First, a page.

Aus stage a comeback after Homeric collapse at The Gabba

Brisbane, (UNI) Australia staged a comeback into the match against West Indies, despite a Homeric collapse of their top-order sparked by Kemar Roach’s three-fer on Day 2 of the first Test at The Gabba here on Friday.

West Indies reigned supreme on the back of debutant Kevin Sinclair’s maiden Test fifty, and a blazing spell by West Indies pacers, reducing Australia to 24/4 at one stage, in reply to their 311 in their first innings.

Despite this, Australia made risky calls to stay ahead of the steaming West Indians, with Alex Carey going overboard to make quick runs, and Pat Cummins joining the party towards the end, before declaring the innings at 289/9 to put under the pump the frangible West Indies top-order in the remaining 25 minutes of the day.

Resuming from the overnight score of 266/8, Sinclair frustrated Australia with his maiden Test fifty. He was lucky to have been dropped by Cameron Green on 30 and was involved in a runout with Roach as his partner.

Sinclair hammered a couple of boundaries and a six to get to his maiden Test fifty before Lyon had him stumped by Carey.

In reply, Australia started poorly with Windies pacers casting carnage upon their top-order. Roach dismissed Steve Smith in his very first over, trapping him leg before for 6 on a DRS.

Marnus Labuschagne poked at Alzarri Joseph outside off as the ball sailed into the hands of Sinclair who pulled off a screamer diving to his right at fourth slip.

In his fifth over, Roach dealt two more blows. He first removed Cameron Green chipping straight into the hands of captain Kraigg Brathwaite at mid-off, and in the very next ball had Travis Head nicking behind as umpires called for Tea.

Pushed to the walls, Australia came out with a plan to tear apart the West Indies attack, and leading it was Mitchell Marsh. He slashed Alzarri to the third-man fence and then smashed him for two more boundaries, but the West Indies pacer put an end to an enthralling 21-run cameo shortly after Tea.

Carey was lucky as the bail just rolled onto the stumps after Shamar Joseph’s ball kissed it batting on 8. Thenceforth, the Aussie wicketkeeper assumed an aggressor’s mantle and smacked three consecutive cover drives for boundaries. He also unsettled Sinclair as he greeted him with three boundaries in his very first over of his Test career.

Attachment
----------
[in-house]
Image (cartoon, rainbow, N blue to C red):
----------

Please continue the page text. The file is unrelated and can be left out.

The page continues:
Continuing with his aggression, Carey lofted Sinclair into the long-off stands before reaching his fifty from 38 balls. As he was cruising, Shamar was brought in and immediately bore fruits for the Windies. He had the Aussie wicketkeeper caught at deep square-leg for 65 from 49 balls before stitching a 96-run sixth-wicket stand with Usman Khawaja.

Mitchell Starc nicked Alzarri to Carey at the stroke of dinner with Australia still 150 behind West Indies. Cummins was lucky post-break as Kirk McKenzie dropped him in the slips.

From thereon, the Aussie skipper went about getting an invaluable 64 not out, crushing West Indies strides as they hurled a barrage of short-pitch deliveries. He did not miss an opportunity to dispatch the loose ones though, smoking 8 boundaries and a six in his brisk 73-ball knock, taking his side past 200 runs mark.

Australia declared at the fall of Lyon’s wicket with a 22-run deficit and under an hour left in the day’s play. The decision paid off in the closing minutes of play with Josh Hazlewood picking up Tagenarine Chanderpaul cheaply after availing DRS in the final over of the day following the straight umpire’s denial.

As the day ended, West Indies were 13/1 in their second innings, leading Australia by 35 runs.

Brief scores: West Indies 311 & 13/1 (Josh Hazlewood 1-2) lead Australia 289/9 dec (Usman Khawaja 75, Alex Carey 65, Pat Cummins 64*; Alzarri Joseph 4-84, Kemar Roach 3-47) by 35 runs.

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